"[DEFENSE COUNSEL]: I would like to make a motion, Judge, in these two cause numbersState versus Ronnie Lance Nelson. Defense at this time during the voir dire examination of the State moves the Court to instruct the jury panel that the Court's comment in response to the question raised by Reverend Currythe Court's comment that quote he may come after you next with a gun were not specifically regarding the Defendant in this case but were comments made to indicate the Court's attitude about the duty of citizens to serve on the jury and to obey the law of the State of Texas and of the United States in connection with criminal cases. *124 "THE COURT: Did I say he might "[DEFENSE COUNSEL]: I believe you did, Judge. And I know the Court did not mean any particular person. But it may have been construed by some of the jurors to mean that and I think it's pretty vital that either the Court give some kind of instruction at this time, or in the alternative, we move for a mistrial and ask that an entire new jury panel be called instart over on this. "THE COURT: Okay. I will do that. "[DEFENSE COUNSEL]: Thank you, Judge."

The trial court then gave the jury the following instruction:

"THE COURT: Ladies and gentlemen of the jury panel. On this religious scruples business I don't want to forego any of you that have any religious scruples from serving on a jury from exercising your religious principles and also I am talking about the entire criminal justice system when I'm talking about excusing people that can't serve because of religious principles. "We have to have jurors that are qualified impartially and fairly to try cases. And any comment made about couldn't try themthat he might come after you with a gundoesn't have any application to this case but applies generally to the criminal justice system. And we have to have jurors qualified to serve on the jury or else the criminal justice system will break down. And that includes jurors if they think the evidence once a man is found guilty beyond a reasonable doubt find him guilty or if they think the evidence is insufficient under the law to find a person guilty that they can find a person innocent."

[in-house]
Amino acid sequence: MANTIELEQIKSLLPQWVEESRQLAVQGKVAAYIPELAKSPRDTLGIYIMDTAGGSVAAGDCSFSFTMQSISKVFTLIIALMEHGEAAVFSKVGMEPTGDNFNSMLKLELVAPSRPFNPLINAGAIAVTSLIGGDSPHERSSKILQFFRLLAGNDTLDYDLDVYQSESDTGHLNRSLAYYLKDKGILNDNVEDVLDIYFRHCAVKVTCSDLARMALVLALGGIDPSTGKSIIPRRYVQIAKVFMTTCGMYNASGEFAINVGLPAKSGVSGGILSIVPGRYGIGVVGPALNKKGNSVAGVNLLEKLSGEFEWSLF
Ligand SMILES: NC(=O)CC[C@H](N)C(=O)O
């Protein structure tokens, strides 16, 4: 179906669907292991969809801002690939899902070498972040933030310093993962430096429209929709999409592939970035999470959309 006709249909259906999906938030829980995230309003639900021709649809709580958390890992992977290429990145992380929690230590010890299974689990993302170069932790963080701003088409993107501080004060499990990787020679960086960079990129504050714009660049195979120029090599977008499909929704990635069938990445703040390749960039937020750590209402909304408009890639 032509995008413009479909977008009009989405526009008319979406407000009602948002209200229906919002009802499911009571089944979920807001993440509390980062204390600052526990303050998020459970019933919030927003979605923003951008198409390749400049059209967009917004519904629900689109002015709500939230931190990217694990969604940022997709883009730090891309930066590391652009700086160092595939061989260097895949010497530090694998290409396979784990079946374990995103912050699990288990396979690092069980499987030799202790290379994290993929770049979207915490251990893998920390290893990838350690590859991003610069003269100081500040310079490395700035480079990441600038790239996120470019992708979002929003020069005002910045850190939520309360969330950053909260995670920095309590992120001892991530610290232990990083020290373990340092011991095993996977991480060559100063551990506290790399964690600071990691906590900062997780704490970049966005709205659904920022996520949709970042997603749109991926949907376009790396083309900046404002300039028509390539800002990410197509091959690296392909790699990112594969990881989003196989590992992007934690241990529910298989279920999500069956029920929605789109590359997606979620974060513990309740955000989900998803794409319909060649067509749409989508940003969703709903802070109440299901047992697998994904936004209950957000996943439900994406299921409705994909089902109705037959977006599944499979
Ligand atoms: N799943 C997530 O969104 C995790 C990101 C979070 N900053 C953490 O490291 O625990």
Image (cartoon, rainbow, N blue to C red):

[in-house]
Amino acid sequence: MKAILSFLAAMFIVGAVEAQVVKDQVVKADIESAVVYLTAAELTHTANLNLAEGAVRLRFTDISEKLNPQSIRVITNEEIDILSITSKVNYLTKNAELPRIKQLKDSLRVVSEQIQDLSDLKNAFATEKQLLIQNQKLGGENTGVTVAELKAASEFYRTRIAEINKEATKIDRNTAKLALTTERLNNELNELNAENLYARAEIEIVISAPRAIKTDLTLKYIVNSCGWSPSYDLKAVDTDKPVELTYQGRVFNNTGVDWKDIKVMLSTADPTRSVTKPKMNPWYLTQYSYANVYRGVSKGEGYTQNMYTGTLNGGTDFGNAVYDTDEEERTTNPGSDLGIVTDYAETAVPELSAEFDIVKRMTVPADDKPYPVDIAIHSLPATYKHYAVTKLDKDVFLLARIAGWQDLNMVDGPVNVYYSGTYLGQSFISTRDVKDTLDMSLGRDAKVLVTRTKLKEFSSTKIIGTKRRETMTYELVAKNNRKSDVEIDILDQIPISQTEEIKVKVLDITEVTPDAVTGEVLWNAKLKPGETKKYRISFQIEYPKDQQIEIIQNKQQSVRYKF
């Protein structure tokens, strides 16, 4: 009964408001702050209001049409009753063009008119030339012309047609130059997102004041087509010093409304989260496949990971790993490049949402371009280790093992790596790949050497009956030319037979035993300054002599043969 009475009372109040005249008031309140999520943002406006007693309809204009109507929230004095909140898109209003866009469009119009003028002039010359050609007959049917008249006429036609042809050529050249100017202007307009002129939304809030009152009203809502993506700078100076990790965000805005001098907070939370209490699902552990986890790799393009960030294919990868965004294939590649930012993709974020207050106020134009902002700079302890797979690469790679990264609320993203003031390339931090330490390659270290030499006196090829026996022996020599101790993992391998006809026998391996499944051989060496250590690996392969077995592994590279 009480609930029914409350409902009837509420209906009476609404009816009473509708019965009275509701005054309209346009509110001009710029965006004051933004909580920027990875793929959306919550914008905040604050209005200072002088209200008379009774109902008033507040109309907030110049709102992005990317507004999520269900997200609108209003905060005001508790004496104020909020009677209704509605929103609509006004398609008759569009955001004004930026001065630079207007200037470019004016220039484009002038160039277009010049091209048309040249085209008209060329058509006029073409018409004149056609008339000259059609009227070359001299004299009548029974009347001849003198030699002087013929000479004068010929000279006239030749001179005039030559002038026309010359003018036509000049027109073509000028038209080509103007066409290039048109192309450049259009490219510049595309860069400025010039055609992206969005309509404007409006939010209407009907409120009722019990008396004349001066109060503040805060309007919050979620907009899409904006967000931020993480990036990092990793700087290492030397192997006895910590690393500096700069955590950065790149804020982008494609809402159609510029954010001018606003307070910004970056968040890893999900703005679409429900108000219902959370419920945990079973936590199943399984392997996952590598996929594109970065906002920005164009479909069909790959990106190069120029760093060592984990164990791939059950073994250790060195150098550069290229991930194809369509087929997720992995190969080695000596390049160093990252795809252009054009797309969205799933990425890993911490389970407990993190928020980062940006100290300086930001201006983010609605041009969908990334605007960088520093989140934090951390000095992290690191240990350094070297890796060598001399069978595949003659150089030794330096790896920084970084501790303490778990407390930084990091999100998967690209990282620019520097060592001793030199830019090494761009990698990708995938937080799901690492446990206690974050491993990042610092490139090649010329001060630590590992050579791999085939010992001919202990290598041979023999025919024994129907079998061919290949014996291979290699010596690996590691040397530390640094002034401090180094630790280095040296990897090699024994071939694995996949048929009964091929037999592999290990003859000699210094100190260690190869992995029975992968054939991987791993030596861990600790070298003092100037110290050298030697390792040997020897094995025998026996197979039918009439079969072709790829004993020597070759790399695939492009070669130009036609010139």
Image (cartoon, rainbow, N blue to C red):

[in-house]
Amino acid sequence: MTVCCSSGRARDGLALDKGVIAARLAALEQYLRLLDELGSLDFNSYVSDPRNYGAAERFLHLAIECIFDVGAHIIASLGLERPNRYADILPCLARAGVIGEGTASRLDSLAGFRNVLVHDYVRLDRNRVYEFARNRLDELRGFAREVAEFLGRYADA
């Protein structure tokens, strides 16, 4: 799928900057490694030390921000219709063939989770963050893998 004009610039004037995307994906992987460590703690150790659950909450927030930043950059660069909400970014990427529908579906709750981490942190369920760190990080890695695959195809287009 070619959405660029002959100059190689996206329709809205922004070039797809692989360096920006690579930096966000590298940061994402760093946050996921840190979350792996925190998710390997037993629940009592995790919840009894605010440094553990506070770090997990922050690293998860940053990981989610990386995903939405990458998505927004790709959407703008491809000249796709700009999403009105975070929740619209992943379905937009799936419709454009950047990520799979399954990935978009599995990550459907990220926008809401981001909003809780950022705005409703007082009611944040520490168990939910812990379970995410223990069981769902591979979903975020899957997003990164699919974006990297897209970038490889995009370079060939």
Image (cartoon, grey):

As the foregoing reflects, no objection was raised by defense counsel at the time the trial judge made any of the comments[3] now complained of by appellant. The prosecutor continued his voir dire examination after the judge's last comment, and the court recessed to chambers before defense counsel voiced his objection. Absent a timely objection, error was waived. Marini v. State, 593 S.W.2d 709 (Tex.Cr.App.1980); Crocker v. State, 573 S.W.2d 190 (Tex.Cr. App.1978). Moreover, we note that the objection once made, was phrased so as to request a clarifying instruction to the jury or in the alternative to request the court to declare a mistrial. The requested instruction was given by the court, to which defense counsel made no objection. It is well established that a jury instruction by the judge to disregard any comment made by him is generally sufficient to cure error. Jackson v. State, 548 S.W.2d 685 (Tex.Cr. App.1977). Regardless of the sufficiency of the instruction, the effectiveness of which is questionable, no objection was made to such instruction, and defense counsel failed to seek further relief by requesting a mistrial. No error is preserved. Reese v. State, 531 S.W.2d 638 (Tex.Cr.App.1976); Hopkins v. State, 480 S.W.2d 212 (Tex.Cr.App.1972).